The second problem is that sometimes journalists don’t check their sources, especially when they have a deadline to meet and a paper to fill. The New York Times report is actually more like ‘advertorial’ than careful reportage. It repeats without question the claim by a Dr Stephen Emmens, the American inventor of ‘Gelbite’ powder, that he provided the ammunition used during the war. Further examination makes me think the good doctor may not have been telling the whole truth. In particular, in the article Dr Emmens claimed that his powder was being tested by both the US Army and Navy and that it was likely that his invention would be used ‘extensively’ by them. That was partially true, but he neglected to mention the results of those tests. When the propellant was tested by the US Army at the Springfield Armoury in February 1890 to determine its suitability for military use it failed to measure up, either because of the composition of the substance itself or the way it was made up into cartridges. (8) Perhaps Dr Emmens was increasingly desperate to profit from his invention after its rejection by the US Army and decided to be less than honest about its success. After all, Chile was a long way away and who was likely to question his bold assertion passed on with such patriotic zeal by a newspaper keen to emphasise American success?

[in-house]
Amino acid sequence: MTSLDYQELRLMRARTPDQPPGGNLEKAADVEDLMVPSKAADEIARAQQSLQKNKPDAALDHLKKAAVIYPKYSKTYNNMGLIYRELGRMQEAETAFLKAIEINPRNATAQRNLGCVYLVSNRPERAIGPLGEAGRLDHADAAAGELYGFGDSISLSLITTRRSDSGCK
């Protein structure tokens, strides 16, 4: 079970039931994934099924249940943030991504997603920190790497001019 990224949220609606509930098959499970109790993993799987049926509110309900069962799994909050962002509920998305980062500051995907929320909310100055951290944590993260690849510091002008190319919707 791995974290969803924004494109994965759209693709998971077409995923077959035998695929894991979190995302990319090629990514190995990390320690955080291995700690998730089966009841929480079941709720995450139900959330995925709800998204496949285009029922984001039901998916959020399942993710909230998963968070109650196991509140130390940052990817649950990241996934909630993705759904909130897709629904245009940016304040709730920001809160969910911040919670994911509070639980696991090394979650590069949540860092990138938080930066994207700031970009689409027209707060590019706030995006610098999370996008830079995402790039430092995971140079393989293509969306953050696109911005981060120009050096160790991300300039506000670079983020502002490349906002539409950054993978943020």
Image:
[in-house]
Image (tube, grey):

To summarise. I don’t believe the original claim. I suspect that the claim by Dr Emmens as reported in the “New York Times” has a financial motive and is not backed up by other contemporary professional sources and that modern general historians have confused a ‘small bore’ rifle with one utilising ‘smokeless’ powder
My conclusion is that what might seem like pointless detail matters because it materially affects the overall ‘story’ we need to tell. The Chilean Civil War would have a different place in the history of warfare if it had seen the first martial use of smokeless powder in an infantry rifle. But that just didn’t happen.
1.“Gelbite In Actual War” New York Times September 6 1891. No page. Accessed 2/10/21
2. Sater, William F, Herwig, Holger H. “The Grand Illusion: The Prussianization of the Chilean Army”, University of Nebraska Press, 1999, Pg 56
3. The list of weapons and ammunition supplied is in “Memorandum De La Revolucion De 1891” For examples of collectors cartridges see: https://forums.gunboards.com/showthread.php?1142365-Chilean-Mannlicher-1888-Smokeless-or-not
4. Sears, J. Hamilton., Wells, B. Warner., United States. Office of Naval Intelligence. (1893). The Chilean revolution of 1891. Washington: Govt. Print. Off. Pg 58
5.”Organization, Armament and Military Progress of American and European Armies” of 1894, Washington 1894 pg. 64
6. https://catalog.archives.gov/id/153413676 Accessed 10/10/21
7. Sater Op cit Pg 21
8. Proceedings. United States Naval Institute, Vol 17, 1891 Pg 430
This piece was first published in the “Report” of the HBSA in December 2021. I recommend membership of the society if you have any interest in historic breech-loading firearms.
Interested in Military Rifles and the Arms Trade of the late Nineteenth Century. Loves the smell of archives in the morning.